Bad Boys, Bad Men: Confronting Antisocial Personality Disorder

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Overview

Bad Boys, Bad Men examines antisocial personality disorder or ASP, the mysterious mental condition that underlies this lifelong penchant for bad behavior. Psychiatrist and researcher Donald W. Black draws on case studies, scientific data, and current events to explore antisocial behavior and to chart the history, nature, and treatment of a misunderstood disorder that affects up to seven million Americans. Citing new evidence from genetics and neuroscience, Black argues that this condition is tied to biological causes and that some people are simply born bad. Bad Boys, Bad Men not only describes the warning signs that predict which troubled children are more likely to become dangerous adults, but also details progress toward treatment for ASP. This volume will be an essential resource for psychiatrists, psychologists, criminologists, victims of crime, families of individuals afflicted with ASP, and anyone else interested in understanding antisocial behavior.
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Editorial Reviews

Library Journal
Black (psychiatry, Univ. of Iowa Coll. of Medicine) claims that ample new evidence from genetics and neuroscience supports a biological cause for antisocial personality disorder (ASP), lending truth to the adage "some people are simply born bad." ASP is intimately connected to many of society's ills, including crime, domestic violence, drug and alcohol abuse, and even rape and murder. For men with severe ASP, life becomes an opportunity to break all social and moral rules without remorse. But there are ways of detecting warning signs in troubled children, and there are procedures--various combinations of medication, psychotherapy, and social institutional interventions--to prevent and treat ASP. Black emphasizes the fundamental need for a healthy moral conscience by analyzing a wide variety of case studies. An excellent companion title is Adrian Raine's The Psychology of Crime: Criminal Behavior as a Clinical Disorder (Academic, 1993). An eye opener suitable for all libraries.--Chogollah Maroufi, California State Univ., Los Angeles
From the Publisher

"Clearly written, informative, and filled with intriguing stories of real people....Tells us what we need to know about antisocial personality disorder. A wonderful book."--John M. Oldham, MD, Columbia University

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Product Details

  • ISBN-13: 9780195137835
  • Publisher: Oxford University Press, USA
  • Publication date: 4/20/2000
  • Pages: 256
  • Sales rank: 960,624
  • Product dimensions: 7.90 (w) x 5.20 (h) x 0.60 (d)

Meet the Author

Donald W. Black, MD, is Professor of Psychiatry at the University of Iowa College of Medicine in Iowa City. A graduate of Stanford University and the University of Utah School of Medicine, he has received numerous awards for teaching, research, and patient care, and is listed in "Best Doctors in America." He writes extensively for professional audiences, and his work has been featured on 20/20, Dateline, and 48 Hours. C. Lindon Larson is a writer and editor and lives in Iowa City.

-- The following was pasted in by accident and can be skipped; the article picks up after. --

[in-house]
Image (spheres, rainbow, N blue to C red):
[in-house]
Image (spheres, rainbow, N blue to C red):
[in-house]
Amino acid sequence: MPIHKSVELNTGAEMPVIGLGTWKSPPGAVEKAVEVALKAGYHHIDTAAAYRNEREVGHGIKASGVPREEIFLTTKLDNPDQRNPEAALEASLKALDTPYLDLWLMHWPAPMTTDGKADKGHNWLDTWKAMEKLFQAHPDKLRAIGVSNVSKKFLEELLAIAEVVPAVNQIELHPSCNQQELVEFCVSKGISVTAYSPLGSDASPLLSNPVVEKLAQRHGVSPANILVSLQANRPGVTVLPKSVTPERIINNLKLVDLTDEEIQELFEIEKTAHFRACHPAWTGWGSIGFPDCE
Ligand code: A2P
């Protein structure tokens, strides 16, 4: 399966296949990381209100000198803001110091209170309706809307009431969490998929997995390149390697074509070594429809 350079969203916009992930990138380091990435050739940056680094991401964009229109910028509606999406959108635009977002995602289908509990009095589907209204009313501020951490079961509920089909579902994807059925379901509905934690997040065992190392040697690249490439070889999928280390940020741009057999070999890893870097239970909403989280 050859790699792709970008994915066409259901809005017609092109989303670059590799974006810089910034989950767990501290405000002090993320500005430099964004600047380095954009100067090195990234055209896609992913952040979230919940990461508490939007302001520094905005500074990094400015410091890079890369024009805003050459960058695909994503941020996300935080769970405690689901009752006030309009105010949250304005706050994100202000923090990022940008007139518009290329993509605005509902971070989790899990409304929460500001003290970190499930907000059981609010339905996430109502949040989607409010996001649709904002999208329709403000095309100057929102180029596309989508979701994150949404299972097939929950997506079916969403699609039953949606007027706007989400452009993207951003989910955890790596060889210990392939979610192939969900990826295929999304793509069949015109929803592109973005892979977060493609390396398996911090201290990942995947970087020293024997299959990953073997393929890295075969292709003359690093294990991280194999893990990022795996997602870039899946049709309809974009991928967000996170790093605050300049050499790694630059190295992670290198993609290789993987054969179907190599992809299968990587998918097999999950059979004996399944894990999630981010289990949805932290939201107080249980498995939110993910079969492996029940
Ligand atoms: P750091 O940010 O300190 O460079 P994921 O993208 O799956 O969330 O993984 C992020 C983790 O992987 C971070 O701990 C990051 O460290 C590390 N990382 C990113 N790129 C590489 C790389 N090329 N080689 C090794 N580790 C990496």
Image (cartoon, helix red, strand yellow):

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Table of Contents

Acknowledgments Introduction
1. A Lurking Threat: Antisocial Personality Disorder and Society
2. Searching for Answers: The Evolving Psychiatric View of Antisocial Personality Disorder
3. Bad Boys to Bad Men: The Symptoms of Antisocial Personality Disorder
4. Naming the Problem: The Diagnosis of Antisocial Personality Disorder
5. Divergent Paths: The Natural History of Antisocial Personality Disorder
6. Seeds of Despair: The Causes of Antisocial Personality Disorder
7. Overcoming Antisocial Personality Disorder: Options for Treatment
8. Power and Pretense: The Hidden Antisocials
9. The Antisocial Murderer: Gacy and Others
10. Antisocial Personality Disorder and Families: Finding Ways to Cope Epilogue: Dispelling the Myths Notes Recommended Readings Index

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  • Anonymous

    Posted June 25, 2003

    The Bad Seeds

    Genetic determinism has been with us since the bible. Recent advances in genome and proteome studies debunk both radical claims: 'people are born bad' (bad seeds hypothesis) and 'people are corrupted by bad parents and society' (the tabula rasa approach). It seems that genes and environment interact, recursively influencing each other. So are crime and moral dissolution hereditary mental disorders - or learned behavior patterns? The author votes for the former in this impressive but accessible introductory text, replete with dozens of case studies and recent scientific data. Still, social and domestic ills such as abuse and poverty, admits Black, a psychiatrist, play a role, at least in unlocking the criminal 'potential'. One should applaud the author's honesty in admitting his own profession's helplessness in the face of these depraved and largely untreatable personality disorders. Sam Vaknin, author of 'Malignant Self Love - Narcissism Revisited'.

    2 out of 2 people found this review helpful.

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